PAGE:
Now the CPS Solicitor Advocates (and, as you know, they are being pushed into the Crown Courts at an increasing rate of knots) are standing firm about this - their bosses won’t pay for wigs, and most of them are refusing to shell out their own cash.

Happily, HH Judge DW-M was not at all bothered about the absence of the grey object from my and the CPS advocate’s bonce. It cost me, mind. I had to contribute to his project - the St David’s Festival Concert later this year. All in a good cause and anyone interested in divvying up and getting a mention in the programme and seats right at the front, should contact the judge via the Cardiff Crown Court.

Whether the other judges are going to take exception to this is unknown. It is not mandatory, as I understand it, but we are “supposed” to conform. I just wish the decision had been that NO advocates, barristers or us, had to wear the thing. Still, I suppose it will be tax deductible. We shall see.

I am afraid I don’t have much to report, it being January and the Festivities having been the priority for most of us. I am hoping to press ahead with the membership increases for the Confederation and the enlarging of the boundaries in the next couple of months. I am going to persuade poor old Mike Walters, our tireless Secretary, to send a lot of mail soon. If it goes according to plan, we hope to be able to offer some extremely attractive services to the lawyers of South Wales. More details next, I hope. One area that Richard Fisher and I are interested in is providing help to those unfortunate enough to fall foul of the increasing vicious Solicitors Regulation Authority.

I think I have banged on enough about the fact that SRA was NEVER going to be the National Law Society poodle that the majority of the Council in Chancery Lane hoped it would be. They have made it clear that they regard themselves as totally independent and not constrained by the Council.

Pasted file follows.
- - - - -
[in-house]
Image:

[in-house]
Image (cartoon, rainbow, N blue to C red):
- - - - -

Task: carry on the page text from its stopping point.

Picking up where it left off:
They are now baring their teeth and, I fear, are going to employ secret police-type methods to “hunt down an increasing number of our brethren. If we can form an organisation like the one that the doctors have, which provides insurance and representation at disciplinary tribunals, we think it would be a major service.

I think we shall see an increasing amount of money being siphoned off from the Practising Certificate fee for the purposes of taking action against “miscreants”. A bit like charging lambs for the journey to the slaughterhouse! Hope I am wrong.

On a lighter note... I heard some great jokes over Christmas - several about lawyers:

“What is the ideal weight for a lawyer? About 3lbs including the urn!”

A man walks into a bar with the alligator and asks the barman: “Do you serve lawyers in here?” “Yes,” says the barman. “Then I’ll have a beer and the ‘gator will have a lawyer.”

What’s the difference between a lawyer and a sperm? A sperm has a one in a million chance of becoming a human being.

But my favourite was the incomparable Tommy Cooper - happily not about lawyers:

“I’ve bought my wife an artificial leg for Christmas. It’s not her main present - just a stocking filler.”

Keep smiling through the pain. Yours from the asparagus trench.

Simon Mumford